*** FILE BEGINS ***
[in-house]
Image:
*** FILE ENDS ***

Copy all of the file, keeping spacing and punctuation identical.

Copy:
[in-house]
Image: